Technology is Wonderful and Crushes the Music Lover’s Soul

Digital MusicWithin the arts, I needn’t catalog the benefits of digital technology. It puts music, literary triumphs, as well as images of paintings and architectural masterworks at your fingertips. It provides the most efficient means of information dispersal known to man so more people can theoretically learn about new works with less effort.

Within my lifetime, music had a physical presence in the form of an instrument, a piece of vinyl or a CD. It was there, like a house or an orangutan. It had form and permanence—an existence of its own, outside of me or anything else.

That’s no longer true. Digital music has no discrete presence. Joseph Szigeti playing the Bach Violin Sonatas is now just part of my digital grab bag, along with Weed Firm and Toilet Time. The music has no physical presence; there is no longer anything there. I am encouraged to manipulate it, slice and dice it to suit my taste or my whims instead of abandoning myself to the composer and performers’ visions.

Technology has taken something to which we used to give ourselves—an artist’s vision—and turned it into something we can twist to function on our own terms.

Derek Thompson wrote in Atlantic Monthly:

“Half a century ago, the overwhelming choice was to buy and listen to whole albums. Today iTunes, the largest music store in the country, sells individual tracks that listeners can mix and mash in personal audio-collages. (I listen to a lot more mixes than albums, and even when I listen to albums, I find the songs through mixes.) We, the listeners, now exert much more control than original artists over the narrative of our musical experience.”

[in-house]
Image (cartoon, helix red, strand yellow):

An act previously tinged with selflessness has been transformed into one that we can make completely self-involved. By reducing recorded music to impermanence, by removing its physicality, we have made it less demanding, more manipulable, and thus our attitude toward it changes from something to which we give ourselves to something we take. It serves us now, whereas previously, we had to prostrate ourselves before it, at least to some degree.

The experience of an act impacts our perception of that act. The physical act of listening to music has changed, and because of that change, our experience of the music is different. We have greater access, but less reverence.

-Leonce Gaiter, Strategist & Sr. Writer